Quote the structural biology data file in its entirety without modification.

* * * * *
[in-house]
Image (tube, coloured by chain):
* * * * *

[in-house]
Image (tube, coloured by chain):